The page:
The impact of Covid-19, it seems, is finally being felt in the world of electronic data exchange. In particular, Covid-19 has already impacted the implementation of regulations relating to e-Invoicing. While many countries continue to work at full speed on the implementation of EN 16931 and other regulations worldwide, legislation is being postponed in some countries, such as Hungary, due to the Corona crisis.
This article is intended to clarify the current situation, to show the effects of Covid-19 on EDI and e-invoicing, and to serve as an overview of international regulations. For our view on the future of EDI as a whole, please see our blog post on this subject here.
Does the economic slump in various industries, combined with lower investment, have a direct impact on electronic data exchange?
In short, no. There should be no long-term effects. In fact it is fair to say that increased automation has helped many businesses to survive the recent pandemic and that EDI is a crucial cog in business continuity management.
It is certainly true that many companies are currently postponing investments and that the overall number of EDI messages being sent is declining due to the reduction in procurement and sales. However, the trend towards electronic and automated message exchange is an “organic shift” and not a short-term fad. Both private and public institutions are aware of the advantages of EDI in terms of efficiency and cost structure, and can implement them, in and without times of crisis.
What are the particular advantages of EDI and e-invoicing at the moment and where do you have to expect restrictions?
Basically, EDI helps supply chain businesses to optimise key processes, such as purchasing, sales and production. Sales orders can be processed more quickly because data can be automatically transferred to the target system. Media breaks are eliminated, reducing communication difficulties and related time and cost expenditures. With home quarantine in place, IT teams and supply chain staff can also monitor EDI message processes remotely and extract the desired information. However, this is only possible with cloud-based EDI services. By contrast, on-premise EDI solutions face many difficulties.
How can e-invoicing help my company when it comes to payment deadlines?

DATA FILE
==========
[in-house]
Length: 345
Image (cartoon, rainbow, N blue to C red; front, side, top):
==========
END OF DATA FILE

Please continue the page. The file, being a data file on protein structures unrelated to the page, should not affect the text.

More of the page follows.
In order to secure their liquidity in the short term, companies can sell receivables to their customers for deliveries to intermediaries (so-called factoring). However, this often requires electronic invoicing. If companies are not able to exchange e-invoices, this important financing option is not available.
What influence does the Corona crisis have on the implementation of EN 16931? Will countries still implement their planned legislation?
Most likely, yes. XRechnung in Germany in particular is currently in the final stages of legal finalisation and moving forward as planned. Many countries have already specified concrete dates and passed laws, whilst others are in the middle of the final drafting of legislation (details on the individual federal states can be found here). Other countries have postponed mandatory B2G e-Invoicing by a few weeks or months. However, it is extremely unlikely that laws will be suspended indefinitely or revoked entirely.
What exactly is happening?
Which countries have postponed, changed and other new ambitions for e-invoicing?
The mandatory use of version 2.0 of the XML schema of the Hungarian online invoicing system as of 1 April 2020 was effectively postponed to 1 July 2020 (Online Számla Hungary).
The introduction of mandatory e-invoicing in the B2G sector for SMEs is postponed to 1 January 2021 for large companies, 1 July 2021 for SMEs and 1 January 2022 for micro-enterprises (statement by the Portuguese government).
The MyDATA law on e-billing was postponed to June 2020 (SOVOS).
In France, the law concerning B2G electronic invoicing is already in force for all federal levels. A corresponding counterpart for the B2B sector in 2023 is already being prepared, with initial details expected in September 2020 (VATupdate).
The Italian tax authority has published a law that lays down new specifications for electronic invoicing with the SDI interface to be used (Sistema de Interscambio). These new requirements will replace the current ones from 1 October 2020. The current version can now be used until 31 November 2020 (Agenzia delle Entrate).
Following the law on electronic tax reporting (July 2020), Poland is planning the next step. In 2022 a central e-invoice system for the exchange of B2G and B2B invoices is to be introduced (Ministry of Finance Poland).
The legal obligation for e-invoicing is postponed from 1 November 2020 to 1 July 2022 (Avalara).
Note: Due to the current situation, further changes to the individual authorities and laws at short notice cannot be ruled out. If you have specific questions about e-invoicing and EDI, please do not hesitate to contact us.